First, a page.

The Doncaster mum taking on postnatal depression with make-up
A Doncaster mum-of-twins is harnessing the power of make-up to help parents suffering from postnatal depression.
Natasha Wainwright, aged 26, of Moorends, battled depression after giving birth to twins Summer and James last July.
The experience inspired her to tackle the stigma she says still surrounds the condition, while helping other mums open up about their struggles and rebuild their confidence.
It proved such a success - attracting nearly 500 members within a month of launching - that she has now started her own make-up brand called Multitude Makeup.
The community interest company, created with the support of Groundwork South Yorkshire, donates a share of profits to the family support charity Home-Start and the PANDAS (Pre And PostNatal Depression Advice and Support) Foundation.
As the company grows, Natasha, who is making the goods from her living room, plans to send out leaflets with each order containing information about postnatal depression and the support available.
"I sought help for my postnatal depression and was prescribed tablets and given counselling but I still didn't feel like me; I felt like a mother of twins whose life consisted of changing nappies and feeding babies," said Natasha, who works part-time at a call centre.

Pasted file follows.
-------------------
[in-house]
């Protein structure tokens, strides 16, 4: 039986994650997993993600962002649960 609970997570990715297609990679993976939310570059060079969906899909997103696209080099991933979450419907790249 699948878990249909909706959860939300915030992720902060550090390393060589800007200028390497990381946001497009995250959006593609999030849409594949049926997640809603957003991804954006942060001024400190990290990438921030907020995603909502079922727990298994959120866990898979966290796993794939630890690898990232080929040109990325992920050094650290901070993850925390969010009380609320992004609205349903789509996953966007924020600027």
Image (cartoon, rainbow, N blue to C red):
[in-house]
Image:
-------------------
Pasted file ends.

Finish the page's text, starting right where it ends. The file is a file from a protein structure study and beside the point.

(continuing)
"I set up the Facebook group so people could share make-up tips and information about sales, but I never expected it to take off like it has. People love sharing their new looks.
"I just wanted to remind mothers it's not selfish to spend a little time and money on themselves."
Postnatal depression affects more than one in every 10 women within a year of giving birth, according to the NHS, and can also affect their partners.
With the right support, most women make a full recovery, but Natasha believes the stigma surrounding the condition prevents many people seeking the help they need.
She is determined to raise awareness of the symptoms and bust the many myths and misconceptions clouding perceptions.
Many people, she says, wrongly expect anyone with postnatal depression to be sat in a corner crying, unable to leave the house and dressed in food-encrusted clothes.
Once when she told someone what she was going through, she was shocked to be told 'does that mean you don't love your children?'
Some mothers experiencing depression, meanwhile, assume incorrectly that seeking much-needed support will lead to their children being taken into care.
"The stigma attached to the condition can be very dangerous because if people don't seek the support they need, they can get to the point where they can't look after themselves or their little ones," she said.
"We're trying to make it a more open conversation because we don't think mental health's something that should be frowned upon."
* Multitude Makeup has launched a crowdfunding appeal to help it expand so it can support more women. You can donate at www.crowdfunder.co.uk/multitude-makeup-1.